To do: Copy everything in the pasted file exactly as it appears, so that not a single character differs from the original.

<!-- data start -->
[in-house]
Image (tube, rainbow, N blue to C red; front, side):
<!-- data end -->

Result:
[in-house]
Image (tube, rainbow, N blue to C red; front, side):